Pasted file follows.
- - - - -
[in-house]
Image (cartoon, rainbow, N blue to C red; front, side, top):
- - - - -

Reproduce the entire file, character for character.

[in-house]
Image (cartoon, rainbow, N blue to C red; front, side, top):